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12 Albums Required Listening for RnR Guitarists.

Updated: Apr 8


I am often asked “Do you have any advice for someone who is starting to play guitar?”

Hendrix Haze Sonni - grandson #2 - future axe wrangler

My usual snarky, less-than-half-joking reply is “Don’t give up your day job.”


Which falls into the “Do as I say, not as I do” category. Being a full-time artist of any type is HARD work. Don’t fool yourself or let anyone tell you differently. Every path in life, every choice you make, has a cost. So you – and you alone - must decide how high a price you’re willing to pay to chase that dream.

(I could probably do a “drug” side effect warning for choosing the artist’s path…might be a future post!)

But the real advice I can offer to anyone picking up the guitar…is encapsulated in this quote by the writer Stephen King. Whether you’re a fan of his or not, the man is a great writer and knows how to write best-sellers.

If you want to be a writer, you must do two things above all others: read a lot and write a lot.”

Stephen King

I would second that insight when it comes to playing an instrument.

If want to be a musician, you must do two things above all others:

LISTEN A LOT and PLAY A LOT.

When you’re not playing, you need to be listening. When you’re not listening you should be playing. You can eat sometime in between and sleep only when necessary to avoid hallucinating and all that other weird stuff that comes with sleep deprivation.

This list of recordings is not intended to be a “greatest of all-time” list although I’d probably include them in my personal Top Ten – but this is a different list in my mind. It is my belief that what can be learned from listening to them with intent – meaning, focused, analytical listening sessions – what in music school was called “critical listening.” – will reveal valuable lessons for any musician.

These recordings will teach you the importance of LISTENING WHILE PLAYING!

This takes dedication to your craft, concentration and repeated listening to the same pieces. To get inside what’s happening…what is the guitar player doing? The bass player? The drummer? How are they interacting with each other? How do the other players support, react to and propel the soloist? What and how do they contribute to the SONG?

The real quest is to understand how the whole is far greater than the sum of the parts. While certain player’s performance might stand out and be front and center, the importance of what the band is doing to help create and support those performances is key to becoming a great ensemble player and not just a wanker trying to show off constantly.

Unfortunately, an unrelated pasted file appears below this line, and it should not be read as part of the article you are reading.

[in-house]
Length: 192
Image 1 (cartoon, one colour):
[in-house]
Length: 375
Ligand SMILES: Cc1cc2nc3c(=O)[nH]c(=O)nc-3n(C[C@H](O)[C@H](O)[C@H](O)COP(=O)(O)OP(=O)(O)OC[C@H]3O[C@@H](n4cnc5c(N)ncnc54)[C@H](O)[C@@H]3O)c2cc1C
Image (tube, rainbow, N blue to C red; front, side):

It is also my firm belief that if these albums were the only ones on your desert island…or if you locked yourself in a room and listened to nothing else for a few months, you could learn pretty much everything you need to learn about rock n roll guitar playing.

I’m not kidding at all about this. I consider these to be the Rosetta Stone of Rock n Roll! And while you won’t see some obvious seminal rock n rollers included, their influence is indelibly imbedded in these recordings. For example, listening to Keith Richards will teach you about Chuck Berry, Hubert Sumlin, Muddy Waters and Howlin’ Wolf with his added grease on top. This is not to say you shouldn’t go back and listen to those artists…it is absolutely imperative to do so. But again, this list has the additional lessons of how players like Keith, Jimi Hendrix and Pete Townshend took from their influences and created a new lexicon of rock guitar playing that defined the genre, one degree of separation from the root source.

Good Artists Borrow, Great Artists Steal.

When you “borrow” something, anything, it is not yours. When you “steal” something, you have taken it as your own. This is the process by which you absorb your influences and rather than just imitating them, turn them into something of your own. Your own “voice” and identity beyond being a clone. All great players go through this metamorphosis. Stevie Ray Vaughan being another example.

So here ya go! In no particular order.

Kind of Blue – Miles Davis

Exile on Main Street – The Rolling Stones

Electric Ladyland – Jimi Hendrix

Rubber Soul & Revolver – The Beatles

Layla & Other Love Songs – Derek & the Dominoes

Live at the Fillmore East – The Allman Brothers Band

Blow by Blow - Jeff Beck

Live at Leeds – The Who

In Step - Stevie Ray Vaughan


Crosby, Stills & Nash/Déjà Vu – Crosby, Sills Nash & Young


I hope you enjoy and find these recordings as educational and inspiring in the same way I have in first discovering then returning again and again for countless listenings throughout the years.









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